Using Article Marketing To Drive Search Engine Results

by Heather Rast |

When I was a 10, Denise Anderson gave me my first lesson in, shall we say, choice language.  I think it had something to do with the Girl Scout troop leader and that blessed song we had to belt out while marching a mile to the campsite (and back!) in the peak of June under the Florida sunshine. *shudders*

Today, I have different words for the distasteful and often irritating aspects of life online.  Spam. Bots. Cloaking.  Memes.  Link-dropping in comments. There are many more terms, and some people might throw article marketing into the mix.  But I disagree, provided you have the right objectives and are committed to producing high quality content.

Content in an analog world

Paraphrasing Wikipedia, “Article marketing has been used by professionals about as long as mass media has been around … [a] business provides useful content to the newspaper free of charge, and in return the newspaper prints the business’ contact information with the article. Because newspapers and other traditional media are expected to present content on limited budgets, this arrangement is generally advantageous for all parties involved.”

Get all scientific on me

There has been a lot of debate about the SEO value of article marketing as well as the ethics of distributing content from directory platforms and the sister practice of republishing content (“spinning” variations of the original content to skirt around the dupe content penalty).  You’ll find a good discussion about some of the technical SEO aspects over on seoMoz if this interests you.  Clearly the academic debate will go on, mainly because GoogleBot is still one of the great mysteries of the modern era – perpetuated by the constant re-invention of the product through universal search, instant anticipation, incorporation of social streams and more.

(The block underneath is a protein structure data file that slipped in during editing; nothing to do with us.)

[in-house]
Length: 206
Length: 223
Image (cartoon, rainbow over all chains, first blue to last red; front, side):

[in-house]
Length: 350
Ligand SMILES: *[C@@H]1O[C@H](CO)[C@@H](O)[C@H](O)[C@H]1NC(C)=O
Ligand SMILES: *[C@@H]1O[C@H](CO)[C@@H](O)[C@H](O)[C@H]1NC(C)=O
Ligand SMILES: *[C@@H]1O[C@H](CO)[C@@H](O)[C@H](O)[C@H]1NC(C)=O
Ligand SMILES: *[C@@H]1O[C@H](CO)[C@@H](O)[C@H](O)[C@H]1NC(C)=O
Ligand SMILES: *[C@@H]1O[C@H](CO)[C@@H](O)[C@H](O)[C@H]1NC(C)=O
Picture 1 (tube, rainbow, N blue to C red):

Rank:  Gotta Get Some

Let’s say you’re not a professional link builder or affiliate marketer — both tough jobs.  But you need to improve your organic SERPs to drive more traffic to your small business site.  Or maybe you own an eCommerce site in a specialty category and sell some considered purchase products — things that prospects typically research quite a bit and mull over before committing to buy.  In either case you may have already worked your on-page elements and  now want to focus on gaining inbound links and spreading the word around about your business.  You just need people to know about you is all.

Article marketing, like any tactic, isn’t a silver bullet.  Trying your article marketing hand on several sites, you might see mixed results or even run into difficulties properly attributing pieces of your larger SEO strategy to having done this or that.  Lots of moving parts.

All that said, as someone who has managed article marketing programs for several eCommerce sites across both B2C and B2B channels within several markets, there’s Google juice to be slurped.

In the land of small budgets and good web writers